SESHA 2003 Symposium - Abstract

An Analysys if the Green Building Concept as it relates to the Semiconductor Industry

Tiffany, Dawn A.
(University of Wisconsin, Stout)

Introduction and Statement of the Problem

The Semiconductor Industry has experienced extraordinary growth within the last decade. New manufacturing facilities and the renovation of fabrication plants has become critical to survival in this industry of rapid change. It is well known that new fabrication facilities can cost more than a billion dollars to set up and equip, and they may be obsolete inside of three years (Turley, 2002). At this fast and steady pace, the renovation of existing facilities and the construction of new fabrication plants will be in the form of phenomenal cost to the semiconductor industry. . .and to the environment.
According to the California Integrated Waste Management Board (CIWMB, 2000), buildings currently account for one-sixth of the world's fresh water withdrawals, one-quarter of its wood harvest, and two-fifths of its material and energy flows. The exact amount of contribution the semiconductor industry makes to these statistics is unknown, but at this rate of consumption coupled with the rate of growth, the semiconductor industry can surely have an impact on our natural resources. The implementation of green building construction techniques has become an important consideration in protecting the future of our environment. "Green Buildings are those that are designed, built, renovated, operated, or reused in an ecological and resource efficient manner (CIWMB, 2000)."
Through careful design considerations of new fabrication facilities the effects to the environment can be minimized. Elements effecting the consumption of resources can be designed into the building energy and HVAC systems, material use, and waste stream systems in order to reduce resource loss. Although initial construction costs have been found to be higher in green building construction, the reduction of costs in operating and maintenance expenses has indicated a substantial return on investment. This savings then provides the opportunity for financial resources to be reallocated. Businesses are fast realizing that a green building not only has environmental benefits, it also improves a business's effectiveness and competitiveness (Stretch, 1997). Green building design can also have an impact on the shareholder and stakeholder value of the company. The reduced cost in operation and maintenance and the rewards of increased worker comfort and productivity can surely be rewarding to the shareholder. The stakeholders' concerns can be easily addressed through the reduction of worker health and safety liabilities and the improved corporate image seen by the decrease in the environmental impact of operations (BSR, 2002). Given the conditions the semiconductor industry has seen in recent years, these issues may be viewed as the key to future success and continuation in what has become a very competitive market.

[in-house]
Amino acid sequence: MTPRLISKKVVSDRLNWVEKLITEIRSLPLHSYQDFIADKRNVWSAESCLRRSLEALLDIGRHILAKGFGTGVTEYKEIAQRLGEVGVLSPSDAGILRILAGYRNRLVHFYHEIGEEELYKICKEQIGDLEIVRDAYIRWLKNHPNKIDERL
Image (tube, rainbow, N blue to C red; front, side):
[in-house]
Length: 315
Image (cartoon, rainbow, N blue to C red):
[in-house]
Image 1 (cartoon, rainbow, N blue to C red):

Purpose

The purpose of this study is to explore the potential use of Green Building Construction in the Semiconductor Industry. The efficient use of energy, water and other resources will be discussed as well as other aspects associated with green building concepts. The issues of employee comfort, design, building materials and costs, and savings related to the integration of the green building concept will be reviewed.

Methodology

1) Conduct literature reviews of current publications related to the processes involved with green buildings.

2) Conduct personal interviews with those in the Semiconductor Industry associated with building processes.

3) Conduct personal interviews with Environmental Organizations to evaluate the impact green buildings have on the environment.

4) Conduct a cost benefit analysis on traditional construction methods versus the use of green building techniques.

References

1) Turley, Jim. Future Fab, When transistors shrink to the near atomic level, unintended side effects of this molecular tinkering appears. Chip making gets weird. PC Magazine, September 03, 2002, Vol. 21, Issue 15

2) California Integrated Waste Management Board. Green Building Basics. http://www.ciwmb.ca.gov/Publications/GreenBuildings/40099014.doc

3) Stretch, Adian. Design for the Environment and the Bottom Line. Assessment Journal, 10738568, Jan/Feb 97, Vol. 4, Issue 1

4) Business for Social Responsibility (BSR), White Papers, Green Building Design. http://www.bsr.org/BSRResources/WhitePaperDetail.cfm?DocumentID=449

[abstract as .pdf]